Antibiotic resistance in typhoid bacteria was a main topic of concern at the 10th International Conference on Typhoid and Other Invasive Salmonelloses in Kampala, Uganda.

Salmonella serotype Typhi
Typhoid image/CDC

There is an increase in drug resistant typhoid to first line treatments like ciprofloxacin, chloramphenicol and amoxicillin according to researchers.

Resistance is being seen in some places as high as 60-70 percent.

Dr. John Crump, a University of Otago in New Zealand researcher said, “We are approaching a crisis where typhoid will become very difficult to treat, or possibly even impossible to treat.”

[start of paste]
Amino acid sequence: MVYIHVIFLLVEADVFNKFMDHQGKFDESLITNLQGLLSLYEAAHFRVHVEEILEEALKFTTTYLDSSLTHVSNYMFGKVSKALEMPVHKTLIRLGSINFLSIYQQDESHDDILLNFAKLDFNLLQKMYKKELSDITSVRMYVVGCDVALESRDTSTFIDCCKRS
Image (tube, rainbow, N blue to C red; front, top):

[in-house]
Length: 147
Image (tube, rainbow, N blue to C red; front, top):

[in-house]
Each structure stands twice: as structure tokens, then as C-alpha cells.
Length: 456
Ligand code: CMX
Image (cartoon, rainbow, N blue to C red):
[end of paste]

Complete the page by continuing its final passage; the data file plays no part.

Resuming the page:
The main culprit to the drug resistance is misuse of antibiotics–taking them when not needed, taking them for the wrong reasons and not taking them for the appropriate amount of time.

The Coalition against Typhoid cites studies in Southeast Asia and sub-Saharan Africa that reveal a growing drug resistant strain of typhoid known as H58. Emerging 30 years ago in Asia, H58 cases have grown across Asia and spread to multiple African countries.

Research from the Wellcome Trust illustrates the growth in Malawi, where in 2010 only 7% of typhoid cases were resistant to multiple drugs. In 2014, 97% of typhoid cases resisted treatment from multiple drugs.

According to the Coalition, 33 countries are reporting drug resistant strains of typhoid.